June 09, 2009
Working in Afghanistan’s Wakhan Corridor, WCS set up five camera traps. Four of the five camera traps took photos of snow leopards, including 22 images in total.
WCS, along with funding from USAID, hopes to work with the Afghan government to establish the Wakhan Corridor as a protected area. In April, Afghanistan’s first National Park was announced in Band-e-Amir.
The snow leopard is protected under Afghanistan’s new endangered species list, which debuted on June 3rd. Globally the species is listed as Endangered on the IUCN Red List and, besides Afghanistan, may be found in Nepal, Bhutan, China, India, Mongolia, Kazakhstan, Kyrgyz Republic, Pakistan, Tajikistan, and less than a hundred individuals in Uzbekistan.
How to Save Snow Leopards
(10/28/2008) The snow leopard (Panthera uncia) is one of the rarest and most elusive big cat species with a population of 4,500 to 7,500 spread across a range of 1.2 to 1.6 million kilometers in some of the world's harshest and most desolate landscapes. Found in arid environments and at elevations sometimes reaching 18,000 feet (5,500 meters), the species faces great threats despite its extreme habitat. These threats vary across its range, but in all countries where it is found — Afghanistan, Bhutan, China, India, Kyrgyzstan, Kazakhstan, Nepal, Mongolia, Pakistan, Russia, Tajikistan, Uzbekistan and possibly Myanmar — the species is at risk. In some countries snow leopard are directly hunted for their pelt, in others they are imperiled by depletion of prey, loss of habitat, and killing as a predator of livestock. These threats, combined with the cat's large habitat requirements, means conservation through the establishment of protected areas alone may not be enough save it from extinction in the wild in many of the countries in which it lives. Working to stave off this fate in half a dozen of its range countries is the Snow Leopard Conservancy. Founded by Dr. Rodney Jackson, a biologist who has been studying snow leopard in the wild for 30 years, the Conservancy seeks to conserve the species by "promoting innovative grassroots measures that lead local people to become better stewards of endangered snow leopards, their prey, and habitat."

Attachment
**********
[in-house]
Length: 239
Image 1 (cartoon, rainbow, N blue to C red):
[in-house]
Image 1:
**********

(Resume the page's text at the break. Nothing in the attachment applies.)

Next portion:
Can snow leopards be saved?
(03/06/2008) conservationists and officials from twelve Asian countries are meeting in Beijing next week to discuss the fate of the endangered snow leopard. Less than 7,000 snow leopard remain in the wild.
Photo: Bronx Zoo has bred 80 endangered snow leopard
(12/06/2007) The Snow Leopard, hunted for its attractive coat, is an endangered species found in the mountain ranges of central and southern Asia. After reaching a population low during the 1960s when only around 1000 individuals remained, the cat has staged a recovery thanks to conservation efforts both in its native habitat and captivity.